After a year of unpaid interning, living in annoyingly expensive places like Canada and then London I was very excited to finally be back in Leeds and to actually be earning some money. I mentioned in earlier blogs about my expectations for the internship, the expectation of an internship, a cool job title that, when translated, actually means data input and coffee making. So, when I was being asked to be creative, write blogs, plan and deliver new campaigns and join in with Calibre incentives I was very pleasantly surprised.
Now, I am delighted to say its grey and raining outside, I have ugly work shoes on and I now have my own cereal in the cupboard. You know what that means of course? It’s clear, isn’t it? I am now a permanent member of the Calibre team! It’s grey because my summer internship is over and I still get to be here! I have ugly shoes on because if you are still wearing heels to work after the first few weeks you are either very committed to your work wardrobe, which I am not, or slightly mental, which I hope I’m not. And finally, the cereal is in the cupboard because I have had to accept I am still a student who fails to wake up with enough time to look acceptable and eat before heading to work.
There’s a lot to learn from an internship and after completing six in the last two years I think I have proven I am a fan of them. One thing this internship has taught me is the benefits that can come from staying close to home and not underestimating the opportunities on your doorstep. I was unbelievably excited and very lucky to be able to intern in some fantastic locations. Moving to a new city or country and living independently is daunting but hugely rewarding and I would always encourage anyone to try it. On the other hand, looking locally is an option you should give some real consideration, not just for internships but for the graduate jobs that inevitably have to come after spending the last 18 years in education.
Sometimes the idea of moving to a big city abroad or miles from home can be a great step and an exciting challenge, but don’t think staying closer to home can’t provide you with new challenges, opportunities and career potential. Here are my top six reasons for staying in your hometown.
1. See your city in a new light
Rather than your typical student nights out and big shopping centre by working in your own local area you will find even more of what your hometown has to offer. While working at Calibre Search I have found some of the nicest lunch spots in the city and even a lovely running route. With the extra money you are saving from not having to commute home every so often, and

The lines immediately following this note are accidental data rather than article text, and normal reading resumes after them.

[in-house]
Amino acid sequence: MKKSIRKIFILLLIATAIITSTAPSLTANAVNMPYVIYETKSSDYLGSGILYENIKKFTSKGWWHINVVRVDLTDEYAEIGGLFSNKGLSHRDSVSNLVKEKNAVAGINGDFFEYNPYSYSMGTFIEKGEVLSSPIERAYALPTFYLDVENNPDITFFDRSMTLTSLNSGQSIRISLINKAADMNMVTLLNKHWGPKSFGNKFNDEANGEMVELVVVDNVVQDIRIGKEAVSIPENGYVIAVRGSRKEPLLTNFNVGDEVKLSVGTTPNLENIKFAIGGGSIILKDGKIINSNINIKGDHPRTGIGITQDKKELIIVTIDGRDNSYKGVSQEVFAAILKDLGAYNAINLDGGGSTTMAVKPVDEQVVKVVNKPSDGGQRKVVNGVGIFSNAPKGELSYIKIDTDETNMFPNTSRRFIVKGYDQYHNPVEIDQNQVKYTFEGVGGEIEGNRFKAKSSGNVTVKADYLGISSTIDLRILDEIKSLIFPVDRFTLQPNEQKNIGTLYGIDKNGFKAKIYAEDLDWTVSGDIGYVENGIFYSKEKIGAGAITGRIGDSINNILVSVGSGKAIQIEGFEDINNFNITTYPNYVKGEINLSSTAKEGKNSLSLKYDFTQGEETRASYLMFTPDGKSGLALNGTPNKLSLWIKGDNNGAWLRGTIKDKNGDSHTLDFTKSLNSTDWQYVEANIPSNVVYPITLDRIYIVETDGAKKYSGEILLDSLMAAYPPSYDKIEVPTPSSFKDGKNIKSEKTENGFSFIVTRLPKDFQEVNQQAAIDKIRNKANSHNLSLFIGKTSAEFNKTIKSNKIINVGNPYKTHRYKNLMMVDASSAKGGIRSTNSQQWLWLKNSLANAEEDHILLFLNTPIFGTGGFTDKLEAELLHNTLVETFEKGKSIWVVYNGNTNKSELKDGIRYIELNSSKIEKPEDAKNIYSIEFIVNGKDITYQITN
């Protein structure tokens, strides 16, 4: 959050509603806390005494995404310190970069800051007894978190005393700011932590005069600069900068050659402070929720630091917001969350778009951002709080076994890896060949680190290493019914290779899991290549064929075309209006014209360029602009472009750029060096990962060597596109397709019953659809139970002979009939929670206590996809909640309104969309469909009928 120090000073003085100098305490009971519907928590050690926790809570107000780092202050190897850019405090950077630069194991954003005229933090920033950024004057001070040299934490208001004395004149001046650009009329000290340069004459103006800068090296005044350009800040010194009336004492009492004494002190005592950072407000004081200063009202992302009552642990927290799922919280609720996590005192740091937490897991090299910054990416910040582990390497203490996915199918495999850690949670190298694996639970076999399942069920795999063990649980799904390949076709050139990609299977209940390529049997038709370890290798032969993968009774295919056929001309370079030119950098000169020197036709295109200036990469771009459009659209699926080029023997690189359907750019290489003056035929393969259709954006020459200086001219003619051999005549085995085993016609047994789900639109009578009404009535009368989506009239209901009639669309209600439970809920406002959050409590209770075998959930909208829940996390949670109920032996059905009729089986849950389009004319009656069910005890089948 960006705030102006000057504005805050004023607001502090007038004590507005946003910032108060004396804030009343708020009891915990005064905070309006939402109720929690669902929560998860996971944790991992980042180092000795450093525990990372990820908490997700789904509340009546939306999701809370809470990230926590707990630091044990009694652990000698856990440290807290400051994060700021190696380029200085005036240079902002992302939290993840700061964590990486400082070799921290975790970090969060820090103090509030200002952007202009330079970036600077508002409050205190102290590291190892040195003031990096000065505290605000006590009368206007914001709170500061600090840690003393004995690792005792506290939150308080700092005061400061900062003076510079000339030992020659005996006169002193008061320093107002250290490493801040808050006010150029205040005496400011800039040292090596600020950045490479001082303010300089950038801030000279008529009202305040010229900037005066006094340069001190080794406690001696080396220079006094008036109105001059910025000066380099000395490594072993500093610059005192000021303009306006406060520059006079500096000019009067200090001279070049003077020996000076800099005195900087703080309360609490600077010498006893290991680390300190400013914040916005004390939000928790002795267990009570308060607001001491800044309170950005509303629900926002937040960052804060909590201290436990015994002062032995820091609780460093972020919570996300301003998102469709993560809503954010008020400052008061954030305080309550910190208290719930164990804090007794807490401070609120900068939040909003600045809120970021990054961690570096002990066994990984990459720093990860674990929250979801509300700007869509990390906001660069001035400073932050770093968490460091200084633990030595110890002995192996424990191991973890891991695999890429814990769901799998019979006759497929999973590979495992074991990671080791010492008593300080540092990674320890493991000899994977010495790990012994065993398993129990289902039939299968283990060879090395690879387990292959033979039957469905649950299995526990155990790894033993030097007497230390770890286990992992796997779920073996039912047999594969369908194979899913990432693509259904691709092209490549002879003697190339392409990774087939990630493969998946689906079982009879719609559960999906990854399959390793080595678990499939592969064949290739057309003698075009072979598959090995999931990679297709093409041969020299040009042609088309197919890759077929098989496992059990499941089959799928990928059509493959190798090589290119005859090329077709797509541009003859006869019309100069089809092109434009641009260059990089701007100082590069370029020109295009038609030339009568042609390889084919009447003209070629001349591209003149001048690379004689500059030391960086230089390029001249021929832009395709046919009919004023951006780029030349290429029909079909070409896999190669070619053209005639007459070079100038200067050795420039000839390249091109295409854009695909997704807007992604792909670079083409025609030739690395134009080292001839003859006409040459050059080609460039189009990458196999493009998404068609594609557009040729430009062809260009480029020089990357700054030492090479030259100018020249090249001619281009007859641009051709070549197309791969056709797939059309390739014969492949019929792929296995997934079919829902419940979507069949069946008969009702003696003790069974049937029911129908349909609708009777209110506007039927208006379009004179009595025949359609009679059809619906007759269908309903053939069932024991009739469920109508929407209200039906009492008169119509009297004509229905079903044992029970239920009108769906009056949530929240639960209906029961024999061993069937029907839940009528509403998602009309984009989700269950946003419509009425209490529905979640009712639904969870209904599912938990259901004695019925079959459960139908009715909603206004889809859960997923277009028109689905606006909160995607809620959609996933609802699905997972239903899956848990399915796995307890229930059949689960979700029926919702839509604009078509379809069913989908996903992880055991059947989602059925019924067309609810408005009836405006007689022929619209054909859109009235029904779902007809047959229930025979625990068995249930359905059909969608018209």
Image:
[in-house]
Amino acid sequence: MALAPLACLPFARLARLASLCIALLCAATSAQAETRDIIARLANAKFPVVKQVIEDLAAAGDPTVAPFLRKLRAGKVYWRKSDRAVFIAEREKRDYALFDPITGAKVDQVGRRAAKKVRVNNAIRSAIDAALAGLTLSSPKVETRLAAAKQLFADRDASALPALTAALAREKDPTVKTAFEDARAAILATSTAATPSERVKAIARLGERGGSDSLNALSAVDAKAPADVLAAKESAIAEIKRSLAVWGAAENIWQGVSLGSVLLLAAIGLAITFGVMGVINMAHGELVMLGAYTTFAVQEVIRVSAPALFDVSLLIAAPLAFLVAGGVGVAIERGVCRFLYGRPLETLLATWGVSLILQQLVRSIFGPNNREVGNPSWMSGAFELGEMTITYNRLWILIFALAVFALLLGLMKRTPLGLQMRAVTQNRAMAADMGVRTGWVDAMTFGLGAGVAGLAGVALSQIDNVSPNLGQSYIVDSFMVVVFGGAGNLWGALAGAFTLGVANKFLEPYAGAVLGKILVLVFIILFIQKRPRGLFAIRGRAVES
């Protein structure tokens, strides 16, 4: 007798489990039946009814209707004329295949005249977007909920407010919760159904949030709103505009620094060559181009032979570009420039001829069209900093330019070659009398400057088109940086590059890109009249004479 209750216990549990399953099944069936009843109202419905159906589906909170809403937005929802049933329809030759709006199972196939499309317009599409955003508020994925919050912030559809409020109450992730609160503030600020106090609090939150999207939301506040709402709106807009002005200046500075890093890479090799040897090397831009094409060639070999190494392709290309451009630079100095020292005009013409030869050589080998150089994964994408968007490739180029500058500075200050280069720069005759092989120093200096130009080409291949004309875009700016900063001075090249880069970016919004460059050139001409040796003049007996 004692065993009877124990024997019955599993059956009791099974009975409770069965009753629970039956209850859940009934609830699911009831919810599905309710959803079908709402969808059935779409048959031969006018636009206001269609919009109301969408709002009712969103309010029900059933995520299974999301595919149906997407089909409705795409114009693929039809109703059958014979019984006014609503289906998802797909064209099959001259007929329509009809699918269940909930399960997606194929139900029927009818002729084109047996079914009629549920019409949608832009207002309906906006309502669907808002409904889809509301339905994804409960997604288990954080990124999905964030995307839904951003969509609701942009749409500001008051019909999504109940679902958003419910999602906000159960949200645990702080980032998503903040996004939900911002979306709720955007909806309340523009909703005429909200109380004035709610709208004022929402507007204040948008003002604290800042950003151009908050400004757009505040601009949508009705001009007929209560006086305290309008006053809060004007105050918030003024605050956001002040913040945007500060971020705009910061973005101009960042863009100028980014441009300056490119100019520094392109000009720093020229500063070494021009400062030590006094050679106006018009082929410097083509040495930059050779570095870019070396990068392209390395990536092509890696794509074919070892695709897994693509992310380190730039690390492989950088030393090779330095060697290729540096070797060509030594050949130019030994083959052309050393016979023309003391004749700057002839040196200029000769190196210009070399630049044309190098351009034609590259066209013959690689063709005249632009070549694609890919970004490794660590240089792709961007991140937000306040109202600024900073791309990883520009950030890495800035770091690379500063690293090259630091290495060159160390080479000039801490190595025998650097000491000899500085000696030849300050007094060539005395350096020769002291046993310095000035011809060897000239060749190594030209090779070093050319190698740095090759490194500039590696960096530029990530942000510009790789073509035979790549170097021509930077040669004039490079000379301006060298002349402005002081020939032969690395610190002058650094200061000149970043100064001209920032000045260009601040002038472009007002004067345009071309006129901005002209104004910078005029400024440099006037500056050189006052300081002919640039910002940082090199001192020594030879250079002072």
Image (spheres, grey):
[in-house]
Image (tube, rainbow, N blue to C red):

2. Making Plans with Friends
Unlike when you’re at university being close to your friends while working means you have the money to do new and exciting things rather than just binge-watching Netflix and eating beans on toast together. Trips to the theatre, bowling, a food festival or a bottomless brunch are all now financially viable. And don’t think staying in your hometown means you won’t meet new people either: a good friend moved jobs two months ago to an office 100 metres from her old job. Last week she joined a new gym with a group of her new team and she has just booked a holiday to America with some of the girls!
3. Feeling Guilt-Free
As much as you drive your family mad with your messiness, coming in late from a night out and taking all their food (or maybe this is just me), they are always eager for you to come home for the summer or Christmas. So spending some quality time with your loved ones means you catch up on everything you’ve missed while at Uni and don’t have to worry about your mum missing you. Even if you’re not living at home the chance of an after-work dinner with mum and dad can’t be beaten. A place where there is usually a full fridge of goodies or, even better, a dinner made for you and some treats to take back home with you! (Or am I just very spoilt?
4. Changing Your Opinions
I have to admit, for a long time I thought that if you wanted to progress in most industries you had to start in London. But working at Calibre my opinion has changed; we recruit for international companies with head offices across the entire country, many of industries top organisations are now based a few miles from my home. I now see where I live as a hub for enterprise, new opportunities and career growth. I also have a better chance of buying a house, driving a car and getting home from work by 6… something I couldn’t say in my time in London.
5. Treat Yo’Self!
With all that extra money you have saved not paying for rent, transport to visit family, or expensive commuter prices you will have earned a fair bit more than you originally would have. Use it as an excuse to treat yourself to something you have always wanted, a trip away, a new jacket or (if you’re like me) treat yourself to a few weeks out of your overdraft….
6. Try out something new
Calibre Search was not a company I knew about before applying for the internship. I had never worked for a recruitment company but decided to take the risk and try something different. Luckily for me, it has really paid off! I love the company, the people I work with and my role. Taking the risk of a new or different type of career can be daunting but doing it at home makes it a little less overwhelming, if it’s not the job for you, you are safe in the knowledge you haven’t spent lots of time and money moving somewhere you don’t want to be.
I am an advocate of going for the job you want no matter the risk, but sometimes the expectation of a new city and a large company does not match reality. Focus less on what sounds good and weigh up your options and opportunities. You don’t always have to go for a big international company in a capital city, like me, you could learn a lot and meet great people simply by looking a little closer to home.